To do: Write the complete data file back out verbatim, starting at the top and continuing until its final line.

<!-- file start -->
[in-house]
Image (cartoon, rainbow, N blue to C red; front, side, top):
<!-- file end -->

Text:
[in-house]
Image (cartoon, rainbow, N blue to C red; front, side, top):